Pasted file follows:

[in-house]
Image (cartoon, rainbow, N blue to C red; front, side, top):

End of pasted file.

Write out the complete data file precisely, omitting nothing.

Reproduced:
[in-house]
Image (cartoon, rainbow, N blue to C red; front, side, top):